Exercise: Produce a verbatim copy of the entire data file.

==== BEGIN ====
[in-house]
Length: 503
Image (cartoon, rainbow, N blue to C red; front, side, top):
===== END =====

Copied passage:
[in-house]
Length: 503
Image (cartoon, rainbow, N blue to C red; front, side, top):